The operator would place a label, leaflet, or carton under the CCD camera and capture an image in memory using a Coreco Imaging vision board, a predecessor to Coreco Imaging's current PCVision high performance PCI bus frame grabber. The image is sent to a computer processor which creates an electronic negative. This is then used to subtract the incoming sample from the master. Any differences are highlighted and 'flashed' on the television monitor for the operator to view.

The real challenge, according to Gary Parish, is that 'many proofreaders are under the impression that they are as accurate and faster than electronic inspection. The best way I found to demonstrate the problems human inspectors face was to ask the proofreader to take two drawings from a 'Find the 10 Differences' comic strip and compare his performance with that of the computer. The proofreader usually takes several minutes, if they are even able to find the differences, while the machine vision-based computer can highlight the differences in less than one second'.

Materials come in all sizes, so the manual approach requires an operator to either step the camera or material through each area of comparison. The area of inspection or 'Field of View' (FOV) of the CCD camera is based on the size and complexity of the material being inspected. If an operator is inspecting a small label with Japanese copy, a small 'FOV' may be required to pick up a missing character stroke. This area could be less than 1' x 1' of the material. Since the CCD camera is based on television technology, the image is made up of pixels (picture elements), usually 659 H x 494 V. The greater the number of pixels in a character, the easier it is to pick up any differences.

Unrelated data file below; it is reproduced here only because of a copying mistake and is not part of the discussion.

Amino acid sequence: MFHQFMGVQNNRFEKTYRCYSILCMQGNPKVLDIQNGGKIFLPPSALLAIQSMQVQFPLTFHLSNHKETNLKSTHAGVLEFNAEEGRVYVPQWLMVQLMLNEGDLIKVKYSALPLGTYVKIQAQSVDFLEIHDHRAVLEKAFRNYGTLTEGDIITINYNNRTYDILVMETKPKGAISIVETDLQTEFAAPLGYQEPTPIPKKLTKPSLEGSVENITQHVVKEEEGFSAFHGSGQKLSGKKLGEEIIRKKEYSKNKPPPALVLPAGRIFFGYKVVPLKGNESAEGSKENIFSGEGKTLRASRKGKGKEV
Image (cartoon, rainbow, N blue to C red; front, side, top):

Adding robotics
To take income materials inspection to the next level, the addition of a fully automated Cartesian x-y robot allows the camera to be stepped through the entire insert for inspection at the resolution required.

The next generation of the Inspec system are GSMA's RoboSpect and PageSpect. These vision systems combine robotics with machine vision technology to reduce inspection times by up to 95%. RobotSpect automatically inspects press sheets up to 40' x 60' for printers to the pharmaceutical industry. PageSpect is designed as a table-top version for materials up to 12' x 18' in size, as well as roll or pin-fed labels.

To meet strict validation requirements, both systems are designed to control the entire inspection process. In addition to Coreco Imaging's PCVision frame grabber, which captures and transfers images to the host processor in less than 4 ms, GSMA has added:

  • Fully programmable x-y robotic inspection stage,
  • Single or multiple cameras with different resolution,
  • Controlled lighting, enclosed workstation,
  • Locked-in camera parameters,
  • Windows 95 operating system, and
  • High speed computer with ability to store masters in memory.

Both systems provide a number of unique features that are specially designed for pharmaceutical use. An exchangeable inspection stage allows manufacturers to advance and inspect 100% of both pin-fed and roll-fed labels. Unlike high-speed web inspection, pharmaceutical inspection requires the proofreader to determine the level and acceptability of the error therefore both systems have supervision acceptance password levels and automatic stop/subtract functions. Each system also has fail-safe features, noting errors and operators who pass them.

The current CCD versions of RoboSpect and PageSpect can inspect up to 60 labels per minute. An entire 8' x 11' insert can be inspected in less than one minute, depending upon the amount of copy on the page.